navigation". Presented at ANU, Sys Eng dept seminar. Jun 2004, Canberra ACT, Australia.
- [CNF] "Performance of optical flow techniques for indoor navigation with a
mobile robot". Presented at IEEE ICRA04, the 2004 International
Conference on Robotics and Automation. Apr 2004, New Orleans LA, USA.
[CNF] "Performance of temporal filters for optical flow estimation in mobile
robot corridor centring and visual odometry". Presented at 2003 Australiasian
Conference on Robotics and Automation. Dec 2003, Brisbane Qld, Australia.
[SEM] "Performance of optical flow techniques for indoor navigation with a
mobile robot". Presented at Univ. Melb CSSE postgrad seminar. Nov 2003,
Melbourne Vic, Australia.
- [CNF] "The Trials and Tribulations of World Cup Robot Soccer". Presented
at 2002 Australian Computer Society National Conference: Student and Young
Professionals. March 2002, Lorne Vic, Australia. (Survey conducted at
conference gave talk highest ranking for interest and delivery)
- Performance of Optical Flow Techniques for Mobile Robot Navigation:
My Masters thesis compared optical
flow techniques for mobile robot navigation. While comparisons have been done
previously, these have not adequately addressed the specific issues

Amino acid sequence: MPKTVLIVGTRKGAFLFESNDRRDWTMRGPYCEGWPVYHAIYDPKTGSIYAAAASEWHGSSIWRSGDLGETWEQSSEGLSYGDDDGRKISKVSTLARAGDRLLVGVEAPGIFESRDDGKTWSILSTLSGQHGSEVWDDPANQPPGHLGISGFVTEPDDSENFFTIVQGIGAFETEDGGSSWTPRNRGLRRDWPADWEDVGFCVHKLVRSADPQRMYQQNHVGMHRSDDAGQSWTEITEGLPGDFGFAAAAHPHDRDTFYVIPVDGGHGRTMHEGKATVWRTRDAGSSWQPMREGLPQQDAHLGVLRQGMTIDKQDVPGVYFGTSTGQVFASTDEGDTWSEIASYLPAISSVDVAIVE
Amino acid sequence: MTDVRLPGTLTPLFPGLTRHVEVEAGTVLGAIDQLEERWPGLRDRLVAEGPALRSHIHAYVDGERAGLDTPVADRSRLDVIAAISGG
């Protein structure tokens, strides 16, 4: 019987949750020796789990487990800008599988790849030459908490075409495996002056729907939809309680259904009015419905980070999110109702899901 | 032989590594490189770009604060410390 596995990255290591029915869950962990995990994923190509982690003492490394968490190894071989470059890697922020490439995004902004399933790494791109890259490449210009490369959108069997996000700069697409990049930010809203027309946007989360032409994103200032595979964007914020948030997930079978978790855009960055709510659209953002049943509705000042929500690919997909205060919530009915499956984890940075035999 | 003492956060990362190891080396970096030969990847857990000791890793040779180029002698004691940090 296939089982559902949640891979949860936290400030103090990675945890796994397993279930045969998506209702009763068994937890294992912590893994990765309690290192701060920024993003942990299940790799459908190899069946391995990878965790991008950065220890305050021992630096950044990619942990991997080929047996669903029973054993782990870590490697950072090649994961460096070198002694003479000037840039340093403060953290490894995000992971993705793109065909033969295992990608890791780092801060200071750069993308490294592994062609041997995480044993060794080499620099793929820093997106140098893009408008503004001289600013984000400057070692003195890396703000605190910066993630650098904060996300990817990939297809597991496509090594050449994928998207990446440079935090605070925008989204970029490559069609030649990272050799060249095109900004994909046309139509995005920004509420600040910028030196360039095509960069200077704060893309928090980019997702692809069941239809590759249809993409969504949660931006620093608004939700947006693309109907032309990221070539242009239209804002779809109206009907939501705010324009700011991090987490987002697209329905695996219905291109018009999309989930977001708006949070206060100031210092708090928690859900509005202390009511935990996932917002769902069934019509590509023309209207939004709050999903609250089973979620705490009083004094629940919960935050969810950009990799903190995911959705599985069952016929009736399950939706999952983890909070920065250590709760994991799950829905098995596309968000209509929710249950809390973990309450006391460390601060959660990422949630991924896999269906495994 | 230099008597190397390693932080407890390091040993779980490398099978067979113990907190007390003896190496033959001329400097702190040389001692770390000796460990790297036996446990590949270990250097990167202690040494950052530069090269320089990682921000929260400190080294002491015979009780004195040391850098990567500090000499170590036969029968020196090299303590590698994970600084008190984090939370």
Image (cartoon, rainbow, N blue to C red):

associated with embedding such techniques in the control loop of a real-time
system (like a robot). This needs to be addressed if this paradigm of
robot navigation is to gain more attention from main stream mobile robot
reseacrh. We seek to provide a systematic basis on which to choose an optical
flow technique, which previously did not exist.
to read about the
RoboCup project. I have been involved with the Dog leauge (which uses
the Sony Aibo robots shown below) since 2001 as a co-supervisor and
adviser and have also assisted with software development.
In 2002, our team came 4th in the world in Fukuoka, Japan.
- Web Based Telerobot:
My honours project, completed in June 1999, was to develop a telerobotic
control and monitoring system on the WWW. The robot had a radio link with a
local PC that performed all local navigation. This system also communicated
with a remotely run applet which displayed images from an overhead camera and
a GUI for different modes of control (Direct or Supervisory).
Professional Society Memberships
Stress management in the robotics labs
Click here for my four step plan to stress
management (with a coke can). This was during honours last century.
Last Updated: June 4, 2006